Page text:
Online Magazine
 
Features
Schandra Singh's new obliquely satirical paintings
Schandra Singh's work is driven by an apparent need to foster frank communication in a time of palpable emotional uncertainty.

Her new solo show, entitled ‘If I'm Immune To It, I Don't Deserve To Be Here’ at New York based Bose Pacia includes large-scale works on linen and some smaller portraits. In addition to her new works, she also showcases a couple of her most influential early paintings for the first time - a large work of American founding fathers whirling in a rose garden and a meticulously detailed canvas of the World Trade Towers that survived her demolished studio opposite the towers.

These two earlier works prompted the artist to contemplate over the variegated perceptions of communal and personal security and leisure. The exhibition offers an opportunity to explore the progression of this talented artist from her earlier works to the latest fantastically depicted oblige tourists floating down a lazy river.

Born in Suffern, NY in 1997, she lives and works in Poughkeepsie, NY. The artist did her Bachelor of Fine Arts from Rhode Island School of Design, Providence, R.I., and completed her Masters from Yale University School of Art, New Haven, CT. Among her major solo exhibitions are ‘Age of Anxiety’, Volta NY, Galerie Bertrand & Gruner, NY (2009); and ‘The Sun is not Ridiculous’, Galerie Bertrand & Gruner, Geneva (2009).

Putting her painterly processes in the contemporary context, a curatorial note to her latest exhibition states: “Within the history of figurative painting the choice of subject is always one of certain significance. And with the resurgence of representational painting practices through neo-expressionism, and even more recently, an emphasis on irony, satire, and the confluence of the beautiful grotesque has come to the forefront. Her larger than life images of tourists and locals lingering in the sun are a smart and well-formulated re-mediation of the Western fetishization of leisure time.”

The passionate painter, who mostly works in the medium of oil and gouache, touches upon shared social and political realities. At times it’s a pure expression of a given situation, or it’s a fine blending of imagery: towers into people, roses into founding fathers. Striated and fragmented, her representation of the human form is unconventional. The image starts becoming paradoxically more abstract, as she digs into greater detail. The outcome is a beautifully colored, albeit slightly unnerving, composition of sunning tourists engrossed in their multi-faceted existences.

Indeed, Schandra Singh's paintings transport us to a purgatorial space of curiously contrived paradise. What might outwardly seem like an innocuous theme turns out to be one loaded with extreme tension and visual dynamism, as the artist captures complex shades of modern life. She has mentioned of her work, “As an artist whose cultural heritage stems from Austria and India, I employ the mode of storytelling of the Indian miniature painter. It’s juxtaposed with inspirations of neo–expressionism. In a world where we are often asked to take a side to know the answers, my work looks to challenge the viewer by not didactically presenting one way, but simply by addressing my fears to express a (specific) human condition.”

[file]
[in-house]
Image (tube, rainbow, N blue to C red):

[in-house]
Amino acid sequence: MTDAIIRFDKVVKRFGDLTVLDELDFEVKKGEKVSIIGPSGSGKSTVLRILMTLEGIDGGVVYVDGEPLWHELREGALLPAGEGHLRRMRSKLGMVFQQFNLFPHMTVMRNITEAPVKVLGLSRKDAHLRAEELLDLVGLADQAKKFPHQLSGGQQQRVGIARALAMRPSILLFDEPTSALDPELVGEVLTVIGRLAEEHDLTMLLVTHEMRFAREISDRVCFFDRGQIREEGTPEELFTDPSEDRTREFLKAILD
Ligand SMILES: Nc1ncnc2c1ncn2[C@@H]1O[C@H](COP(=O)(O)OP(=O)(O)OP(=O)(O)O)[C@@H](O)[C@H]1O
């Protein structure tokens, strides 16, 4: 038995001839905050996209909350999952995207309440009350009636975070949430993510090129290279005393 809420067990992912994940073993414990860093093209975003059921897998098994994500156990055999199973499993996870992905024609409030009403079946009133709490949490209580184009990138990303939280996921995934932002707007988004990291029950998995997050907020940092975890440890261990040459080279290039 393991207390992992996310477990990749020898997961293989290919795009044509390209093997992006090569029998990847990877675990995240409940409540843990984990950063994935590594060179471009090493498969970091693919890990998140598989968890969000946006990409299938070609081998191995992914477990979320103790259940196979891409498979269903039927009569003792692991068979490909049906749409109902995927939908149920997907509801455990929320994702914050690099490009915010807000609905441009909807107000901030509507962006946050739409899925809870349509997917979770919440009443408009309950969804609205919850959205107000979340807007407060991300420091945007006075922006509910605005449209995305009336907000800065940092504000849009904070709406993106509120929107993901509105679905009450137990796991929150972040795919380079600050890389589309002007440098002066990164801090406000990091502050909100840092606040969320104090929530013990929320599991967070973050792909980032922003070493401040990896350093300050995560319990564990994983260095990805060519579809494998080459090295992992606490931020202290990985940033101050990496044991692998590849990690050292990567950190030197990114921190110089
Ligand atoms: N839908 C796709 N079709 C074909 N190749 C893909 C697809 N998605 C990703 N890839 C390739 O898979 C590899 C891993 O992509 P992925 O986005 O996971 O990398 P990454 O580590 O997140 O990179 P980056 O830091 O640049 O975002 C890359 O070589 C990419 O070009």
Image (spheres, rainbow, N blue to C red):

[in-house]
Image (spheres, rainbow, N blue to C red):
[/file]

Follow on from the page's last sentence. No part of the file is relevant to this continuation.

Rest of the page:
One notices smaller figures that lurk in the nooks and crannies of the images compounding the sense of unrest. The minutely detailed painted surface also gives us passages of untouched linen canvas as a space for contemplation. According to Greg Tate through her ‘obliquely satirical’ visual taxonomy of Western tourism, the artist wants to whisk us off to Paradise and then make us gasp in horror at the human debris wealth has deposited and left on display in her cold-eyed memory theatre’.

The art critic notes in an essay: “What she compels us to look at instead is the queasy face of leisure and privilege on holiday. What she would have us side-glance at instead is the invisibility of the ethnic, the servile and the exotic in the eyes of beholders self-marooned in Paradise. Singh has redirected the gaze of our Occidental tourist selves from contemplation of our navels to complicity in our own vulnerability to dissipation. In sight of Singh's obliquely satirical paintings we are made to see ourselves dissolving in acidic torrents of false security, anthropomorphic anxiety and delusional spectacles of excess, waste and wealth.”

The artist deftly documents a group of people suspended in the heavily precarious interstitial state between anxiety and leisure while holidaying. Translating the individuals into large-scale paintings Schandra Singh prompts an investigation of the false sense of world security.